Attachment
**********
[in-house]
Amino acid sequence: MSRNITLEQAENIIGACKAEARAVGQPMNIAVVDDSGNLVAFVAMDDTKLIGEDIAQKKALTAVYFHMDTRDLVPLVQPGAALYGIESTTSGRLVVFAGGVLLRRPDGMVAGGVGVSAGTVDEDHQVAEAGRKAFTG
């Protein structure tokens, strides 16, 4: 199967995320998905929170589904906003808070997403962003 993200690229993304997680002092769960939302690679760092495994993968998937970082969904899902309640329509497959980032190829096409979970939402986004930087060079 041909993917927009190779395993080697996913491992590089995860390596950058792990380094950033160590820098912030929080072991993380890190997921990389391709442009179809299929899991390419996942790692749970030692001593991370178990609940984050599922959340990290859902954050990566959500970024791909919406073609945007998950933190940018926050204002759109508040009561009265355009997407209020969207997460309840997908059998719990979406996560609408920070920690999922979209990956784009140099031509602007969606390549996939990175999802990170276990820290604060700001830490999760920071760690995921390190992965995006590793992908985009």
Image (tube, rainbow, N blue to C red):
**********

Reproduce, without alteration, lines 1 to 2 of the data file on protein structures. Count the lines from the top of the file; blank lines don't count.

[in-house]
Amino acid sequence: MSRNITLEQAENIIGACKAEARAVGQPMNIAVVDDSGNLVAFVAMDDTKLIGEDIAQKKALTAVYFHMDTRDLVPLVQPGAALYGIESTTSGRLVVFAGGVLLRRPDGMVAGGVGVSAGTVDEDHQVAEAGRKAFTG